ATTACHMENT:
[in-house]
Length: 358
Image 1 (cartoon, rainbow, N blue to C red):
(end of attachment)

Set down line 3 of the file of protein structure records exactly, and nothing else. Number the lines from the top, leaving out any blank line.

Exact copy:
Image 1 (cartoon, rainbow, N blue to C red):